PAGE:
A friend of mine wants to learn to cook. Right now, she doesn’t cook at all – she’s gotten by just fine without it, but in this new season of her life, she feels like it’s time. The problem is really with why she feels like she can’t cook. She’s totally overwhelmed at where to even begin: what should she learn first? Should she memorize recipes? Learn techniques? Become familiar with common spices?
In addition to being totally overwhelmed with how to begin, my friend is prone to perfectionism. She’s highly detail-oriented, too, so the thought of not following a recipe perfectly, of not cutting the carrots into perfectly even segments, of just getting things wrong, is holding her back.
I can sympathize! Perfectionism can be paralyzing. In my ongoing quest to let go of my own perfectionism, I’ve learned to let myself be a beginner, to improve slowly by just doing things frequently, and to allow myself to be bad at things without ultimately sacrificing excellence.
But there’s another thing I’ve been learning lately: any outer change I want has to be tied to an inner change as well.
Here’s what I mean: talking to my friend about her desire to change her status from “non-cook” to “cook” (an outer change) isn’t actually going to happen unless she also starts to move from perfectionist to non-perfectionist (an inner change.)
What’s going on inside (perfectionism) is having a huge effect on what’s going on outside (learning to cook.)
This is true for so many areas of our lives.
Some of us want the outward change of being thinner but we aren’t willing to make the necessary inward change—a shift away from an attitude of self-loathing, punishment, or obsession with body image-as-status—which would allow us to approach becoming healthier in peace.
Some of us want an outward change of careers, but we won’t make the inward change of letting go of the mindset that it’s just too difficult/ no one will hire us / we’re too old / etc., which would open up space for new possibilities.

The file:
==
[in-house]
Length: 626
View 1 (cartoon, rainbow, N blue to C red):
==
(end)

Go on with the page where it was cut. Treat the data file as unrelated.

Some of us want the outward change of having more time for rest or leisure or hobbies, but we aren’t willing make the inward change of rejecting popular cultural norms that tell us our value is in how busy we are, how much we can hustle, and what we can achieve: the kind of inward change that would finally permit us to live according to our well-discerned priorities and not the world’s.
Outward and inward change is deeply related, because who we are on the inside shapes and is demonstrated by what we do on the outside.
And what we do on the outside shapes and displays who we are on the inside.
There’s a constant interplay between character and action.
Who we are—our character—is both shaped by and shapes our actions.
If I am generous – a virtue that describes my character – I do generous things.
At the same time, as I do generous actions, I become a generous person – someone who has a generous character.
Of course, many of the changes we desire aren’t merely about virtue. (Learning to cook isn’t a virtue in itself, for example.) But usually if we want to do something differently, we do need to think beyond just acting differently, to actually becoming a different sort of person.
Do we need to let go of unhealthy dispositions? Free ourselves from false ideas? Reject unrealistic expectations?
As we discern each outer change, it can be helpful to ask if there’s an inner situation that’s holding us back. What inward changes need to accompany the outer one?